As the world tries to recover from the devastating effects of the WannaCry ransomware attack, a research team at Check Point Software Limited has found a worrisome loophole in Android’s security mechanism as well. The flaw was first reported by the company in a post on their website on May 9, 2017, but what is of actual concern is Google’s response to the matter.
According to the report, Google’s policy that grants permissions to apps which are directly installed from Google Play Store may allow attackers to hijack the screen of your Android Smartphone. This flaw exposes Android devices to numerous attacks such as banking malware, adware and most importantly ransomware. For those not aware, a ransomware attack is a malicious software in which the malware encrypts, block user’s access to data and asks for payment to unlock it.
As per the Check Point report, Google brought a new ‘permission model for apps’ with Android 6.0 Marshmallow. The new model comprises of several groups of permissions, some of which are considered to be ‘dangerous’ and thus only granted during the runtime of the app. However, while downloading an app, the user is required to grant certain necessary permissions and this in a way allows the app access to a ‘dangerous’ resource.
The research report lists another category which consists of a single permission called ‘SYSTEM_ALERT_WINDOW’. This ‘unique’ permission basically requires a user to run through several menus in orde to manually allow an app to use it. Unlike other permissions, the ‘SYSTEM_ALERT_WINDOW’ carries the potential to be exploited by malicious threats including phishing scams, fraudulent ads etc., mutual to the banking Trojans. The permission is also used by ransomware ‘to create a persistent on-top screen that prevents users from accessing their devices’. This same permission is also used by legitimate apps like Facebook’s Messenger to create the chat-heads on your screen. That is the problem.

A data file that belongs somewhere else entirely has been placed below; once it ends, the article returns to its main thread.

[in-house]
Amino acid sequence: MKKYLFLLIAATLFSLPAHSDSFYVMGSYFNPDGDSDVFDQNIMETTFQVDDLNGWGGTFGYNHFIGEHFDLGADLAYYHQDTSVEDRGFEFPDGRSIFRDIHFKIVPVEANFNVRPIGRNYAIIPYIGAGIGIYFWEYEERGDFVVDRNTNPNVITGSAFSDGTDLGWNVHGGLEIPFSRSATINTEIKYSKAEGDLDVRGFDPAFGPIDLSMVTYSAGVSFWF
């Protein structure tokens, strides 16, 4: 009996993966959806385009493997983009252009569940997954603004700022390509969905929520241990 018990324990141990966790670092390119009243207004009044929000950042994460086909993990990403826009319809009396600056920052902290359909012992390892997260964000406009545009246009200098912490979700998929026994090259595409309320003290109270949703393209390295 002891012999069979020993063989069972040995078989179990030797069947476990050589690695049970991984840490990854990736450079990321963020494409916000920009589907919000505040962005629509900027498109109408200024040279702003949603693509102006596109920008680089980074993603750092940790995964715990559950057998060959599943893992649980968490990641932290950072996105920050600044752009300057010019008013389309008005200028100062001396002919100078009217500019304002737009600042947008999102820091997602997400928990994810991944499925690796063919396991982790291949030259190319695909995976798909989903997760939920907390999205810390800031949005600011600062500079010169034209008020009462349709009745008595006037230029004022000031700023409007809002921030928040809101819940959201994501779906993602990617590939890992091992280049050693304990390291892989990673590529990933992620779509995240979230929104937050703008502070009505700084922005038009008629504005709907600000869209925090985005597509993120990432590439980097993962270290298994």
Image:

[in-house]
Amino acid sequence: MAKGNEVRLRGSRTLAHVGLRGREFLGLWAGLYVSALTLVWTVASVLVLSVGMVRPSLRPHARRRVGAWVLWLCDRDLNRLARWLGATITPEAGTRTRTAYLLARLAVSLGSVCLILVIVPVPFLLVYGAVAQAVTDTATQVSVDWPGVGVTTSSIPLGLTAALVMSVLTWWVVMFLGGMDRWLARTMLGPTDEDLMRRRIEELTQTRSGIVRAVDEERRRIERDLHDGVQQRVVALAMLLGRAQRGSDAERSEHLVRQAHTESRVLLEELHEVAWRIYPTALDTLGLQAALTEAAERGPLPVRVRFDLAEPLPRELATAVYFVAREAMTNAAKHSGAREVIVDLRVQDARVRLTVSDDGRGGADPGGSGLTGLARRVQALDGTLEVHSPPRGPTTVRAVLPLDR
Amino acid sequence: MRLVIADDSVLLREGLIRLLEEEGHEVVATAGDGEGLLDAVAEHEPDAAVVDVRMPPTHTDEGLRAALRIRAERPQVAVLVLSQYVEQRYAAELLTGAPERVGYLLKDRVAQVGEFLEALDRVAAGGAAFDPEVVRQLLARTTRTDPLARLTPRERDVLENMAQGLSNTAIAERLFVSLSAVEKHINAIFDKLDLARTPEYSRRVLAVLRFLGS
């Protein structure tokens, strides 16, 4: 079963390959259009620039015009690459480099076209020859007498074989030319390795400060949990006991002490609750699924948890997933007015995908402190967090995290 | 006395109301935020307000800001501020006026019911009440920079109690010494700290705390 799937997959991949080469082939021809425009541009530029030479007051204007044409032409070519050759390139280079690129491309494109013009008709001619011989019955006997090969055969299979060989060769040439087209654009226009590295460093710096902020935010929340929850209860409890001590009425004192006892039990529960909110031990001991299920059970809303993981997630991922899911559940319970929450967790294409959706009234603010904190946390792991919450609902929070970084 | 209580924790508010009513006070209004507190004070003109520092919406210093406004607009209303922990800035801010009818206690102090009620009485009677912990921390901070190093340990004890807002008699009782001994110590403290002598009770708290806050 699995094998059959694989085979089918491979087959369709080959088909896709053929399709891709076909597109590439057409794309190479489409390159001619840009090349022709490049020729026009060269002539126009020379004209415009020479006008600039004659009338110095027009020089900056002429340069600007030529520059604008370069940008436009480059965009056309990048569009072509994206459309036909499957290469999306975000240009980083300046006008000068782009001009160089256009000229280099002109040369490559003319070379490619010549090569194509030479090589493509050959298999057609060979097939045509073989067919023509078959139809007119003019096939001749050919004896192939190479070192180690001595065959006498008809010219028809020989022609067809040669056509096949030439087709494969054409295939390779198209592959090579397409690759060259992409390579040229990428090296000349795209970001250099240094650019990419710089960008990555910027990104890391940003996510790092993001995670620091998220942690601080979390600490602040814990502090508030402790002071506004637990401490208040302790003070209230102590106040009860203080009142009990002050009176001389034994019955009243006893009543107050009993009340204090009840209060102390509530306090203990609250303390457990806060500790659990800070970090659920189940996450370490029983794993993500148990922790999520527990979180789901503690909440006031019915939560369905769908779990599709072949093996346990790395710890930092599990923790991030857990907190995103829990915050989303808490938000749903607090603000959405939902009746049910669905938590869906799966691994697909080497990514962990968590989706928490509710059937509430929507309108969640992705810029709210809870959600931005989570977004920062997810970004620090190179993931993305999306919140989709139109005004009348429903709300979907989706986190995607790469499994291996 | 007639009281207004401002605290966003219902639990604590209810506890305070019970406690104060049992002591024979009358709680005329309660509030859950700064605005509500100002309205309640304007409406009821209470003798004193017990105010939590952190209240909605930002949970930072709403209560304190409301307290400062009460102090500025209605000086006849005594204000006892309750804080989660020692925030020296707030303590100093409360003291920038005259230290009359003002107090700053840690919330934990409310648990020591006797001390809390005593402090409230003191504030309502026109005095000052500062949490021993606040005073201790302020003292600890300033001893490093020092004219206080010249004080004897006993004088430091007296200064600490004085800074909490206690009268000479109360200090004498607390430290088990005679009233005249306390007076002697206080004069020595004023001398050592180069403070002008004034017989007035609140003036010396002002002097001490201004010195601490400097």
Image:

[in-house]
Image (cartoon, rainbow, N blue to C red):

The Check Point Research findings cite that 74 percent of ransomware, 57 per cent adware and 14 percent of banker malware ‘abuse’ this permission as part of their operations.
The Mountain View company, understanding the nature of this permission and the risk involved with it, created a temporary process that was applied in Android Marshmallow 6.0.1 version. The patch allows a Play Store app to grant run-time permissions which eventually grant SYSTEM_ALERT_WINDOW permission to the apps installed. This is equally dangerous as if you end up downloading a malicious app by mistake from the Play Store, it would automatically get the permissions for SYSTEM_ALERT_WINDOW which could hijack your phone.
Check Point Research notes that about 45 percent of the applications from Google Play uses the single SYSTEM_ALERT_WINDOW permission. Google utilises a malware scanner called “Bouncer”, to periodically scan the apps uploaded to Google Play Store. Unfortunately, regardless of the routine checks, malicious apps are still able to infiltrate the Google Play and make their way onto user devices.
The good news is that Check Point had reported the issue to Google, and the company in response said that the fault within the Android mechanism will be fixed. The bad news is, Google said that this issue will be fixed only in the upcoming Android O operating system. According to the report, a new restrictive permission ‘TYPE_APPLICATION_OVERLAY’ will be created that will block windows to overlay above any ‘critical system windows’. This permission will let users access settings and block apps from displaying alert windows.
Google’s next mobile operating system is still months away for even Google’s own devices, which get updates before anyone else. For those who use smartphones made by other manufacturers, this critical security update will come even later, if at all. Given the far-reaching impact of WannaCry ransomware, we can only hope that Google changes their mind, and issues a security patch at the earliest to address this issue.